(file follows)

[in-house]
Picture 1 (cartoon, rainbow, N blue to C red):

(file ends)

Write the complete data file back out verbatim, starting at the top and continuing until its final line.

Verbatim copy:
[in-house]
Picture 1 (cartoon, rainbow, N blue to C red):